Is Television Becoming Irrelevant To The Election?
With the conclusion of the presidential campaign’s convention phase, it seems apparent that television is becoming increasingly irrelevant to this year’s election. Oh sure, the campaigns will try to battle it out over the airwaves, and television will continue to provide the loudest microphone, but the real decisions will probably be made by voters who aren’t even following the campaign on TV.
This is in contrast to the GOP primary, which, through seemingly endless debates and paid media, was fought out almost exclusively on television. Virtually every important event of the primary season either concerned the debates (“Oops”) or attack ads.
But while the primaries are for the party faithful, the general election is for the can’t-make-up-their-mind voters, and the conventions show that television doesn’t seem to be moving the needle. The Romney campaign received no “bounce” from the Tampa festivities, and while the Obama campaign did a little better, it wasn’t by much.
As has been well-reported, convention viewing weakened compared to 2008. On the closing nights, the GOP and Democrats were eight million and three million viewers lower respectively. But the demographic make-up of the audience is even more important. On those final nights, 58% of all GOP viewers had passed their 55th birthday and over half the Democratic viewers were that old. Only 11% of the GOP viewers and 15% of the Democrats were aged 18-34
(This is usually the part of the column where someone will dash off an objection that younger viewers are watching on the Internet. Can we use some common sense? There may have been a handful of political science nerds watching the conventions online in their dorms, but in general, people use the Internet to time-shift or to watch programming not available on TV, not because they like the experience of watching computer screens. You can tell there was minimal viewing of Internet streaming by the dearth of press releases bragging about streamers.)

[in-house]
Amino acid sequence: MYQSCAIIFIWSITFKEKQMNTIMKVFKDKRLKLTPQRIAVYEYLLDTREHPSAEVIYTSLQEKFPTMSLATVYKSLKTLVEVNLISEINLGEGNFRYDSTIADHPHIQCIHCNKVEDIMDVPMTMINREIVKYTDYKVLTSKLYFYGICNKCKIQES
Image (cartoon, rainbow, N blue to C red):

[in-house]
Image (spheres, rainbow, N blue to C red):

We saw the same phenomenon during the GOP debates: tiny audiences of younger viewers, with many more viewers as the demographics aged. And the news channels, which are mostly watched by partisans anyway, also skew much older than average.
This pattern will almost certainly hold up for the upcoming debates. The audience is bound to skew to older, already committed voters. Rather than a disinterested examination of the issues, the debates will take on the feel of a prize fight, with fans cheering on their man, while those who are uninterested in blood sports stay away. Consequently, unless one of the candidates makes a grievous error, the debates are unlikely to change many minds.
It‘s also unclear whether paid advertising will have the decisive impact that SuperPacs and their critics think it will. The New Republic’s Noah Cohn argues that the oversaturation of commercials has reached a point of diminishing returns, where even a thousand GRPs of ads will only raise a candidate’s performance by 0.5%. Nevertheless, since the political operatives raised all that money, they’ve got to spend it somehow, so we can expect them to continue enriching the coffers of TV stations in those all-important swing states.
If TV isn’t as important this year, who will pick up the slack? There’s social media, which favors the younger-trending and more technologically adept Democrats. According to Twitter, Obama’s acceptance speech drew almost 53,000 tweets per minutes compared to Romney’s 14,000 tweets per minute. Twitter also reported that on the night of Obama’s speech users wrote more than 4 million tweets about the convention. That’s a lot of tweets, but still only one-eighth the number of actual television viewers.
The election will turn on two things: picking off undecided voters and turnout of committed voters. The GOP will use its usual tools to energize its base: Fox News, the Drudge Report, talk radio and the Wall Street Journal. Meanwhile, the Democrats will leverage MSNBC, Comedy Central, The New York Times, YouTube and Twitter.
But in the end, the winning team may be the one that succeeds at an election tool that is older even than television itself: getting out the vote. If voters have started to tune out television and other media, it might be old-fashioned knocking on doors and neighbors driving neighbors to the polls that settles the election. It’s not as glamorous or satisfying as a 30-second attack ad, but it might swing the election.